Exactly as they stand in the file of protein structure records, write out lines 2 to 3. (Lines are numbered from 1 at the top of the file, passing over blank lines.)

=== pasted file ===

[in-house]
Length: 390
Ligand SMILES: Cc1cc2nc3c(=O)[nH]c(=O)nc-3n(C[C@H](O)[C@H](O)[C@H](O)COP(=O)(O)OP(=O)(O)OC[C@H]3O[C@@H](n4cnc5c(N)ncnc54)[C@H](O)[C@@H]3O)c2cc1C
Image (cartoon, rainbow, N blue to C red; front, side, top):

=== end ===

Length: 390
Ligand SMILES: Cc1cc2nc3c(=O)[nH]c(=O)nc-3n(C[C@H](O)[C@H](O)[C@H](O)COP(=O)(O)OP(=O)(O)OC[C@H]3O[C@@H](n4cnc5c(N)ncnc54)[C@H](O)[C@@H]3O)c2cc1C